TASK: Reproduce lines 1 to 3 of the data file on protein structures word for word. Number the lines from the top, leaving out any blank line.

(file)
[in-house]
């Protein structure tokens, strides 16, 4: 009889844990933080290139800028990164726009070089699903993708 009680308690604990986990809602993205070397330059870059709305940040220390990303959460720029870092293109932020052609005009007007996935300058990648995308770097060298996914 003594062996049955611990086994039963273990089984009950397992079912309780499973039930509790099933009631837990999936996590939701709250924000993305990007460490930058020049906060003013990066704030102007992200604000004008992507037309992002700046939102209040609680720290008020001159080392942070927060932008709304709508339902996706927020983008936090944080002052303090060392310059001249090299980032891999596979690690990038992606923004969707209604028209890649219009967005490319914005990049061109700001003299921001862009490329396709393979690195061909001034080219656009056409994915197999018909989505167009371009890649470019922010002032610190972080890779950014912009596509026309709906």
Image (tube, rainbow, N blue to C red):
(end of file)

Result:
[in-house]
């Protein structure tokens, strides 16, 4: 009889844990933080290139800028990164726009070089699903993708 009680308690604990986990809602993205070397330059870059709305940040220390990303959460720029870092293109932020052609005009007007996935300058990648995308770097060298996914 003594062996049955611990086994039963273990089984009950397992079912309780499973039930509790099933009631837990999936996590939701709250924000993305990007460490930058020049906060003013990066704030102007992200604000004008992507037309992002700046939102209040609680720290008020001159080392942070927060932008709304709508339902996706927020983008936090944080002052303090060392310059001249090299980032891999596979690690990038992606923004969707209604028209890649219009967005490319914005990049061109700001003299921001862009490329396709393979690195061909001034080219656009056409994915197999018909989505167009371009890649470019922010002032610190972080890779950014912009596509026309709906």
Image (tube, rainbow, N blue to C red):